An excavation team has unearthed the first known depictions of Deborah and Jael.
Mosaics that are nearly 1,600 years old have been unearthed in an ancient synagogue at Huqoq, in lower Galilee, Israel. Led by archaeologist Jodi Magness and assistant director Dennis Mizzi, the team of students and specialists worked for more than a decade in the dig, known as the Huqoq Excavation Project.
After an interruption of work due to the COVID-19 pandemic lockdowns, the Huqoq Excavation Project went back to the site for a tenth time. As they focused on the southwest part of the synagogue, believed to be built in the late 4th century AD, they discovered a large mosaic panel divided in three horizontal strips. Each strip tells a story from the biblical book of Judges.
The Christian Post describes the stories told in the mosaics, showing that they correspond to the fourth chapter of the book of Judges. In this chapter, the prophetess and judge Deborah leads the Israelite army against the Canaanites, led by general Sisera. According to the biblical text, Sisera ends up fleeing to the tent of Jael, who slays him in his sleep.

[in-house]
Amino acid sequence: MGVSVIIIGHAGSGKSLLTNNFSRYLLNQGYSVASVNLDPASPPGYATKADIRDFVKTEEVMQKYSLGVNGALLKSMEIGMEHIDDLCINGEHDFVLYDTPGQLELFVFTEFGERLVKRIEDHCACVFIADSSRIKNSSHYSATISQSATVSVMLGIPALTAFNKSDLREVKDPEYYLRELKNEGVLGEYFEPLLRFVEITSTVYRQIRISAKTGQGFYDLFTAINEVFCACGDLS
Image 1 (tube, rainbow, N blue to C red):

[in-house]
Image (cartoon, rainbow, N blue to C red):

Part of the mosaic depicts Deborah under a palm tree gazing at the Israelite commander Barak, who is equipped with a shield. The lower strip includes an image of Sisera bleeding, lying on the ground.
Deborah is one of the five prophetesses in the Hebrew Bible and the only female judge mentioned in the Old Testament.
A portrait of Alexander
The Smithsonian Magazine explains that existing rabbinic literature from the time does not describe the designs and decorations that could be found inside synagogues. That is why this kind of archaeological finding is critical.
In an interview with Religion News Service, Magness explained that “the value of archaeology is that it helps fill in the gaps in our information about, in this case, Jews and Judaism in this particular period […] It shows that there was a very rich and diverse range of views among Jews.”
In this dig, Huqoq Excavation Projectalso found an image of Alexander the Great. This finding would be the first non-biblical story ever found decorating an ancient synagogue.